Extra Punctuation

Extra Punctuation
The Theory That Will Tie All Video Game Stories Together

Ben "Yahtzee" Croshaw | 2 Sep 2014 16:00
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Assassin's Creed 4 Black Flag

Lately, I've become obsessed with a new writing project. I love it when I get these obsessions that fire my imagination and churn my stomach with excitement, and so I'd like to use this column to share my enthusiasm. I've become fixated on the idea of a Grand Unifying Theory for video game stories, in the tradition of the Wold Newton family, or Alan Moore's League of Extraordinary Gentlemen series. I'm probably not the first to have considered this, but this one is mine, and my academic interest in interactive storytelling has made it a very stimulating project.

It started when I considered that the one factor that unifies all video game worlds, and that does not exist in reality, is the technology to immediately heal injuries with no lasting effect. I then proposed the concept of a substance called 'Red', which has the ability to regenerate living tissue and, in greater concentrations, permanently mutate it. We'll say that Red is an extremely common substance that is placed in all commercial first aid kits and frequently used as a food additive. This established, I started extrapolating, and found I could not stop.

The rejuvenate properties of Red was a secret kept throughout history by the Assassin order, who went into shipping during the Golden Age of Piracy when a large seam of Red was discovered to exist beneath the Atlantic Ocean, which had been affecting plant life and lending potency to the root beer distilled by pirate communities on nearby Caribbean islands. The same seam would later be exploited by the scientists of Rapture, who tragically underestimated the mutating effect that Red acquired after passing through the body chemistry of a sea slug. Red was first refined into a safe, universal healing compound in the 1960s by an unnamed German scientist, who was fighting as a mercenary in the Gravel Wars. He had access to Red because he was a former Assassin, as evidenced by his fondness for long, red-and-white clothing.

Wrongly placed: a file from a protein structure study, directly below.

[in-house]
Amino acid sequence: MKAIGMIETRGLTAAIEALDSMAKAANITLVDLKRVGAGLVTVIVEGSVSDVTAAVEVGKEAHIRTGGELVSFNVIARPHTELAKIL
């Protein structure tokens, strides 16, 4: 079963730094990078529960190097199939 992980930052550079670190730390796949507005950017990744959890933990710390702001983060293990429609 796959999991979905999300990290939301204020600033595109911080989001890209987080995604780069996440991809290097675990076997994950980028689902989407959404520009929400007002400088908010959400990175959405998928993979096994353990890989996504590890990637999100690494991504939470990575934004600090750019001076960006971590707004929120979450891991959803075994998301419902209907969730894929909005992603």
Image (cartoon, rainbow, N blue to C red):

Cate Archer from No One Lives Forever Series

His research was routinely stolen by spies, such as Cate Archer and a woman known only as 'Eva', who sold the information to Europe and the Chinese, respectively, so that Red's healing properties became worldwide common knowledge. The Umbrella Corporation's attempt to replicate the healing formula resulted in a variant that left people in a state of living death, a substance that went on to cause numerous disasters in places like Raccoon City, Willamette, and the island of Banoi. More recently, the location of the Atlantic seam was also leaked worldwide, making the United States a target for invasion attempts by Russia, North Korea and the South American Federation.

That's an example of the direction my increasingly complex notes have been taking. Some things have taken shape so obviously that I hardly had to think about it. Of course, Red's healing properties make it so useful that most workplaces and facilities store it in large quantities. And of course it becomes explosively volatile when concentrated, requiring that barrels of the substance be colored a vibrant red, by law, so that everyone knows to handle them carefully. It's also the law that these barrels cannot be stored in large amounts in one place, due to the risk of increased explosive yield, and so are usually scattered in small groups of barrels throughout most built-up environments.

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